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and do immediately pass into glory; and their bodies, being still united to Christ, do rest in their graves till the resurrection.”
4. Once more, the Lord makes up his jewels at the final judgment. Then the soul, already happy in the enjoyment of the God of grace, will receive additional happiness, when the body, her former partner, shall jointly share in her celestial bliss. Soul and body will be reunited never more to part, and will enjoy ineffable felicity to all eternity. The resurrection of the body is an article of our creed, to which the believer gives his cordial assent. The glorious manner in which it will be accomplished, is beyond our conception. We have a lofty description of it in 1 Cor. xv. 52-54," For the trumpet shall sound, and in a moment, in the twinkling of an eye, the dead shall be raised incorruptible, and we shall be changed. For this corruptible must put on incorruption, and this mortal must put on immortality; so when this corruptible shall have put on incorruption, and this mortal shall have put on immortality, then shall be brought to pass the saying that is written, Death is swallowed up in victory."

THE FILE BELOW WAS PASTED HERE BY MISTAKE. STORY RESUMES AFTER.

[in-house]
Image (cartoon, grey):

To qualify the body for inconceivable and endless happiness, it will undergo a wonderful change. It will be raised spiritual and incorruptible, and will neither be liable to suffering, nor tend to dissolution. According to our present ideas, it will resemble a spirit more than a body. As it will increase the sufferings of the souls of the wicked, already consigned to everlasting punishment, to be again reunited to their bodies, and the whole man sent to